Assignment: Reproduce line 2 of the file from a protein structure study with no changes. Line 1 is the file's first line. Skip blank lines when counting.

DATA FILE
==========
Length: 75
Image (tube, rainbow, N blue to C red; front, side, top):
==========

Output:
Image (tube, rainbow, N blue to C red; front, side, top):